Over the past couple weeks, you can’t stand in a grocery store checkout line without seeing the face of 65-year-old Bruce Jenner. The Olympic gold medalist, and Kardashian reality TV star, is on the cover of every tabloid magazine.
It seems most media outlets have something to say about his decision to transition into being a woman, and it’s not always positive. This kind of media coverage really bothers Seattle psychotherapist Kate Stewart.
“I was hearing people say things like, ‘He was such a masculine Olympian, and now this.’ As if, like, how sad that he’s come to this, that he’s transitioning into being a woman. I was really upset by that because it’s very disrespectful. What a negative connotation to put on this change when apparently this is what he wants to do,” said Kate. “I think we should respect that.”
Hearing from a trans woman, who’s been through the process, might paint a clearer picture of what it’s like to transition. It could stop the gossip and actually humanize trans people.
Puyallup’s Kathryn Mahan is on the board at Seattle’s Ingersoll Gender Center, one of the longest running gender support groups in the nation. She transitioned in her late 40’s.
“Every day you feel like you are not being true to yourself and you’re living a lie,” said Kathryn. “You can keep that up for a long time and some people do it all their lives. But suicide rates are much higher for transgender people; drug abuse, alcoholism, risky sexual behavior. These aren’t because these are people of weak character, it’s because they have these huge conflicts going on inside of them. Honestly, when you tear down the bricks of the facade and let who you really are come out, that’s when your life really begins.”
Kathryn said she always knew she was trans, and reports now say that Bruce Jenner has known since he was five years old.
“You know, he won the decathlon in the Olympics, which is an amazing achievement. People can ask, how can you be that masculine and be feminine inside? A lot of transgender people go to the extreme, partly to fit in and partly because you want to prove that you’re as good as anyone else,” explained Kathryn. “You shouldn’t just assume that because a person has won the decathlon, and is a hunk of a man, that doesn’t mean what’s going on inside.”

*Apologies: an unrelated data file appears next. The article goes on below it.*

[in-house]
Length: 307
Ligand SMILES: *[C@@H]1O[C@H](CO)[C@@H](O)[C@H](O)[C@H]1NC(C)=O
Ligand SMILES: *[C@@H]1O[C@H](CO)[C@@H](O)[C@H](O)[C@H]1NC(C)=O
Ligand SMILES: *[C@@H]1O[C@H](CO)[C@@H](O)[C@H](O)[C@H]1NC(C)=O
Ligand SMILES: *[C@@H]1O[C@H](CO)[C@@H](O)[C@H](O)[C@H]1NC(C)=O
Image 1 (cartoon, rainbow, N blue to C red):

Kathryn doesn’t necessarily think his public transition will be easy.
“Here he’s got all this money and he’s famous and he’s won gold medals. But I think we learned last year with Robin Williams that we should not be making assumptions that he’s just gonna fly through this thing,” she said. “My heart really goes out to him and I hope this works out well for him. I hope that he can find a group like Ingersoll Gender Center.”
Kathryn said she thinks Jenner’s forthcoming reality show that will document his transition, could be good for the trans movement. Just like Ellen DeGeneres’ did as the country’s first open lesbian to play an open lesbian on TV.
“There’s a lot of different ways to fight the battle, but for me the best way is just to be a person out in public and own my square meter. I think it’s very important for people to see us, face-to-face. But there are other people who are working the legislative battles,” said Kathryn. “I think there’s an opportunity here, with Jenner’s TV show, maybe that’s going to open a lot of minds, too. Every time that another person comes out, gathers a good support group around them, and succeeds at life and becomes more beautiful and blossoms into who and what they are, everyone of those is a victory.
“It shows that America really has nothing to fear. I think we just make the quilt more pretty and more interesting.”
Kathryn said Seattle has one of the most progressive trans communities in the nation, and people often move here and seek help at the Ingersoll Gender Center because they’ve heard our region is safe and accepting.